There's a nifty marketing technique for telling the world who you are, what you do, how you're different, who you do it for, and why the heck they should care ("they" being your prospects).
I'm talking of course about positioning, and if you've been in business for more than five minutes you've crafted some kind of a positioning statement for your business.
In their classic book, Positioning: The Battle for Your Mind, Al Ries and Jack Trout tell us that "positioning is what you do to the mind of the prospect." Put another way, it's about getting the prospect to think differently about your company.
And it so happens that there's another nifty marketing technique for getting the prospect to think differently about you that's less well known. It's called de-positioning.
Whereas positioning is about getting prospects to trust that your company can make their lives better, de-positioning presents the competition in an unfavorable light while showing that yours is the company to buy from.
It's an advertising game that a few Fortune 500 companies have recently been playing (and having fun with) on TV. Take a look at Apple bashing Microsoft, Verizon hitting on the iPhone, Apple returning the punches,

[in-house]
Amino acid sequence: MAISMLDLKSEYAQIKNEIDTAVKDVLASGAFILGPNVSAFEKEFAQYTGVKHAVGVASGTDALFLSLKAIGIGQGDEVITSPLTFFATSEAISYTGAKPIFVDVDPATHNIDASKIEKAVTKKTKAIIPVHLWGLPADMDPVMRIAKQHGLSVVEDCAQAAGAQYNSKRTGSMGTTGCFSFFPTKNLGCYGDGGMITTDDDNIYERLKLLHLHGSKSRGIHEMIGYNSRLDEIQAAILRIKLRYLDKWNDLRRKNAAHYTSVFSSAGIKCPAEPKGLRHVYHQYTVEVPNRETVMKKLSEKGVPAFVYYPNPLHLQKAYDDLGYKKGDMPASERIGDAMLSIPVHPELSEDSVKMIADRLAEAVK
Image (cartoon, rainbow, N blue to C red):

You don't need to be a big firm to apply the de-positioning principles of big companies when marketing your small business, and it doesn't matter if you don't have bottomless pockets to advertise like them. Instead, you can integrate "us" versus "them" messages into your promotions.
Whether your customers are other businesses or consumers, whether you offer services or own a retail store, you can adapt my de-positioning example to knock the competition without specifically naming them.
To de-position: create a checklist of items that your company does and your competition doesn't. The example I created works for an accounting firm:
You can use this format to compare product features or, as I've shown here, for services.
So when you're ready to redo or create new marketing materials, remember that along with your regular positioning statement, de-positioning can be an effective technique to attract more people to buy from you. And when you do it, play nice.
Roberta Guise works with experts, small business owners and professionals who want to be extraordinarily visible and sharpen their marketing edge. A small business marketing consultant and speaker, she is the founder of San Francisco-based Guise Marketing & PR. If you'd like to know how to apply these concepts to your situation, call for a free 1/2 hour consultation. 415-979-0611. www.guisemarketing.com